My hotel is somewhat oldish. My room is on the sixth floor and the elevators are small and slow. I press the button and when one finally appears, I see that there are already two businessmen inside. It’s a tight fit for three. As we go up I feel the hair on the back of my neck rise. There are some who you would never know from the look of them, to be of the right wing thuggish persuasion, and there are others who hit you with it in waves, in the cut of the clothes, the bullying posture that is as second nature as breathing, and the coldness of the face, particularly when smiling at nothing in particular. I tune them both out, pulling out from a space within me I’d almost forgotten about, a “Yes I’m a longhair, yes I know you hate my guts, and no mister establishment person sir, I really don’t give a flying fuck” attitude, close my eyes, and listen to the elevator floor counter click off the floors to mine. I toy briefly about writing a book, “Everything I know about living under Bush II, I learned from Nixon”. The old elevator rises slowly. I hear one of my companions say, “I hope they don’t cancel our flight out Thursday.” The other chuckles and says, “The war will be over by then.”
No You Are Not Being Forced To Participate In It. No, Not That Thing, The Other Thing…
On my Facebook stream just now…
The complaining now is they’re objecting to being forced to participate in a gay wedding. Please respect our deeply held sincere religious belief that your wedding is a fraudulent parody of the genuine love and commitment between a man and a woman. Do not force us to accept your counterfeit relationship as real. We are not prejudiced against anybody. And so on…
Never mind for a moment the insult to same sex couples all wrapped in piety. What they’re being forced to participate in, against their will, isn’t same sex marriage, it’s The United States of America. You know…that place where on Main Street USA down at the corner store my money is just as good as yours.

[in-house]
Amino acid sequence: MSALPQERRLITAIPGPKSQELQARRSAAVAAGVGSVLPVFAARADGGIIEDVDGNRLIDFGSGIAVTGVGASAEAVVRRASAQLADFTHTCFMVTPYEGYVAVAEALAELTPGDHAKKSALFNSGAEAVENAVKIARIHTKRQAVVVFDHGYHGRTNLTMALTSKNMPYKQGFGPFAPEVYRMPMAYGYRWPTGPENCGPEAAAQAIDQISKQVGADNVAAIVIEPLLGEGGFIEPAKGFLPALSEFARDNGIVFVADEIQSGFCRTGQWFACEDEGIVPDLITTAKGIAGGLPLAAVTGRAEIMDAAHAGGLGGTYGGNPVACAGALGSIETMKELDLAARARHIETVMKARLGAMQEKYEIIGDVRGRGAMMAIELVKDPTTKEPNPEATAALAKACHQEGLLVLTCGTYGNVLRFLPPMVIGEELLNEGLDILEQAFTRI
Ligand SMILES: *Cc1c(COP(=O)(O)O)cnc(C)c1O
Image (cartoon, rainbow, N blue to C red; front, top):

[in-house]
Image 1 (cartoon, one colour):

Sure they could go somewhere else…somewhere the ruling government shares their sincerely held belief that homosexuals don’t love, they just have sex and that needs to be stamped out or civilization will fall and God will rain fire down upon us. But the problem is those places don’t have the nice perks you get from living in a civilized nation. Perks that come from having a diverse population whose individuals have the freedom to participate in the common marketplace regardless of their sex, race, creed or national origins. At least that’s the ideal anyway, and to the extent this country has lived up to that ideal it has prospered from the work and creative energy you get from allowing people from all walks of life, some of whom might think a little differently to…you know…think a little differently. So the cake bakers and their defenders would rather stay here and enjoy the benefits of other people’s hard work and creative talents without having to treat those people as neighbors, as fellow Americans.
Of course there are no homosexuals in the culinary arts. Of course they never contributed to the collective knowledge that is the artistic core of our business, let alone any of the other technology that supports it.
The concern trolls are out and about now, lecturing the gay community to not be so…well…militant in our struggle for equality. In the New York Times David Brooks reliably wags a finger and warns us we risk loosing our moral high ground by misusing our new found political clout. Well once upon a time in a different civil rights struggle the great political cartoonist Herblock had an answer to that…
But the fact is it isn’t our limited and disorganized political clout Indiana was feeling, but the disgust of heterosexuals who are getting really fed up seeing their friends and family being treated like dirt. Sure, blame the militant homosexual conspiracy, but it wasn’t just us who raised that massive stink when Pence signed that bill into law, and you can tell it wasn’t just us because this time the bigots had to back down, and they’ve never had a hard time sticking their thumbs in our eyes. But people are getting tired of it now. People with gay sons and daughters. People with gay neighbors and friends. People with functioning human hearts.
The key to Bryant’s “discrimination” strategy was to portray equal rights advocates as anti-Christian oppressors. She warned of “militant homosexuals who are highly financed, highly organized.” Their true objective, she claimed, was not the right to hold jobs and buy houses. Since they were unable to reproduce biologically, their only hope of survival was “to recruit your children and teach them the virtue of becoming a homosexual.”
What makes the David Brooks column so offensive is he’s doing basically what Bryant did back in 1977, slyly riffing on that notion of a powerful gay cabal but without actually saying it. And of course we’re all militants unless we’re willing to stay in the closet and accept our pariah status among decent normal people.
If I’m remembered for anything I’ve ever said on this blog or elsewhere I hope at least it’s this one thing: A militant homosexual is a homosexual who doesn’t think there is anything wrong with being a homosexual. A militant homosexual activist is a homosexual who acts like they don’t think there is anything wrong with being a homosexual.